Given the difficulty in getting bank funding over the past few years, crowdfunding has become an increasingly popular method for businesses to raise finance from individuals and organisations, typically through an internet based platform.
How does it work?
Crowdfunding generally involves three parties:
- the business seeking the investment;
- an intermediary providing the internet crowdfunding platform; and
- the investor.
The intermediary connects the investor with the investee business thereby facilitating the investment. The intermediary charges the investee business a fee for the service.
Crowdfunding can be divided into two models: (1) peer-to-peer lending and (2) equity crowd-funding.
This facilitates lending by individuals and organisations to a business in return for a rate of interest. The terms of a loan agreement stipulate the interest rate and the period of the loan. Generally seen as the less risky of the two models, the returns can also be more modest.
In this model an investor subscribes for shares in the business. The investment is usually realised when the business is sold by means of a share sale. Typically, the investor is passive i.e. the investor will have no say in the running of the company. The investor will seek to guard against dilution of his investment by seeking rights to participate in future fundraisings in accordance with the percentage shareholding he or she has in the company. As the shareholder is the last to receive payment (after lenders and other creditors and preferential shareholders) the risks attached to equity crowdfunding are far greater than in peer-to-peer lending, however the returns are potentially much greater. There may be tax relief on making an equity investment, such as the Employment and Investment Incentive Scheme. Note however that the opportunity for an Irish company to raise funds this way are limited as there are company law restrictions on offering shares to the public.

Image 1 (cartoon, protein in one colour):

Risk to Investors
There are many risks associated with crowdfunding, for example: the risk of default and the high failure of start-up businesses, platform failure, fraud and money laundering issues, dilution of investments and instances where an investor is misinformed about the business that is seeking funding. Measures that could mitigate such risks include:
- requiring crowdfunding platforms to register and be licensed by the Central Bank (currently there is no regulation governing crowdfunding in Ireland);
- setting disclosure requirements for business seeking funding and crowdfunding platforms;
- limiting the services that may be provided by crowdfunding platforms;
- investor education and/or statements signed by investors acknowledging their understanding of risks;
- limiting the size of the investments made by an individual in each offering and in a given timeframe; and
- requiring the appointment of a third party custodian to hold investor assets.
Crowdfunding can be a quick way for businesses to raise working capital needed to establish and expand. As crowdfunding platforms are internet based, the investment market is huge and it enables individual and smaller investors to connect with and invest in businesses in a convenient and cost effective manner.